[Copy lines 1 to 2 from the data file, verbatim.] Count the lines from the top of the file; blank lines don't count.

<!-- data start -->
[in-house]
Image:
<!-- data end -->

[in-house]
Image: